Many new parents, who may recall being spanked when they were kids, are on the fence about whether to physically discipline their toddlers. In its 2018 policy statement on effective discipline, the American Academy of Pediatrics (AAP) argues against spanking, noting that all forms of physical discipline and yelling or shaming are “minimally effective in the short-term” and “not effective in the long-term.” The AAP cited evidence linking spanking to a higher risk of negative behavioral, cognitive, psychosocial, and emotional outcomes in children.
Parents are responsible for teaching children about acceptable behavior. Such teaching can support children’s healthy development, when done in ways that are appropriate to the child’s age. Using positive discipline tactics, parents can teach kids how to regulate their own behavior, keep them from harm, enhance their skills (cognitive, socio-emotional, and executive functioning), and reinforce good behavior patterns. Good ideas for positive discipline can be found here.
The link between spanking of toddlers and future subsequent aggressive behavior comes from several studies, the largest of which followed 5000 children born in 20 large US cities between 1998 and 2000. In that study, data were collected at birth, and at ages 1, 3, 5, and 9. The researchers found that children who were spanked more than twice a month at age 3 were more aggressive at age 5. Those who were spanked at age 5 showed more negative behaviors and lower vocabulary skills at age 9.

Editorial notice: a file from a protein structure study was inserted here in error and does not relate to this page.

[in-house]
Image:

Fortunately, survey data seems to suggest that support for spanking is on the decline in the US. This may be, in part, because research over the past 20 years has added to our understanding of the risks of spanking, including:
- higher risk of aggressive behavior for children and altercations with parents
- higher risk of aggression in preschool and school-aged children, including fighting and damaging objects
- higher risk of problems with cognition and mental health
Studies agree that the negative effects of spanking last much longer than parents think. So, what can parents do?
Instead of spanking, experts recommend that parents give children a “time out,” which is most effective for children between the ages of 2 and 6. Withholding privileges, and calmly explaining and implementing natural consequences (such as taking away a toy that your child is throwing or breaking), are also methods recommended by the AAP. For more suggestions for appropriate discipline for toddlers and young children, visit the AAP’s parent-audience website, HealthyChildren.org.